Physicians and researchers are noting a troubling trend among the more than 400,000 Americans who have been hospitalized with COVID-19 since the start of the pandemic: Many of them have obesity.
The disease, which has become increasingly prevalent in the last two decades and now affects around 42 percent of adults in the United States, is doing more than showing up as a common characteristic on patient charts. A number of studies have found that obesity, in and of itself, increases risk for hospitalization and intensive-care admissions among COVID-19 patients. (Obesity is defined as a body mass index, or BMI, of 30 or greater.)
It is also associated with a higher risk for death, especially in men and people under 60, according to research recently published in Annals of Internal Medicine. Even overweight adults (people who have a BMI between 25 and 30) may be at increased risk for severe illness from COVID-19, according to recent updates from the Centers for Disease Control and Prevention (CDC).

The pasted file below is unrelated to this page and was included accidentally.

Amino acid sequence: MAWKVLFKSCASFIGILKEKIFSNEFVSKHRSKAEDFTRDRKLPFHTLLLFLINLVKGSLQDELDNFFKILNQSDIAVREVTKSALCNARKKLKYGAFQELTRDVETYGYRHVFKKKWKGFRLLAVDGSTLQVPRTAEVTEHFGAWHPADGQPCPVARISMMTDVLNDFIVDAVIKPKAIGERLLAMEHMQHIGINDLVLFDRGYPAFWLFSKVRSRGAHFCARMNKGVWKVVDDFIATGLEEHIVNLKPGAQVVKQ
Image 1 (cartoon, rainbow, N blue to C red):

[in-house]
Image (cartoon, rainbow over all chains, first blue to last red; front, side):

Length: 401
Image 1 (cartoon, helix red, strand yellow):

"This is a unique confluence,” says David Kass, M.D., a cardiologist and professor of cardiology and medicine at Johns Hopkins Medicine. “We happen to have a pandemic of obesity, and we've never had a pandemic of obesity. And the last time we had a virus like this was in the early 20th century [with the Spanish flu].”
Experts are still studying the dangers that can arise when the two pandemics — obesity and COVID-19 — collide, but are gaining a better understanding of why obesity makes a coronavirus infection so dangerous.
Obesity, like COVID-19, can worsen breathing
Obesity is a risk factor for a number of underlying health conditions that are known to complicate a coronavirus infection, including diabetes, heart disease and high blood pressure. But it can also cause damage on its own.
For starters, people with obesity have a harder time breathing — and that's because excess weight, especially around the abdomen area, restricts the movement of the diaphragm, making it more difficult for the lungs to expand and fill with air, explains Fatima Cody Stanford, M.D., an obesity medicine physician at Massachusetts General Hospital in Boston.